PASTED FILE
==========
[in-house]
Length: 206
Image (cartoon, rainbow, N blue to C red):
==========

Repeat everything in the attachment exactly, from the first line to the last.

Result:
[in-house]
Length: 206
Image (cartoon, rainbow, N blue to C red):